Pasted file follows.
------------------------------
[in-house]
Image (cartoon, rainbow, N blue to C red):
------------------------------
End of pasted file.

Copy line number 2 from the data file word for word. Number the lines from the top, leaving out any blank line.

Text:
Image (cartoon, rainbow, N blue to C red):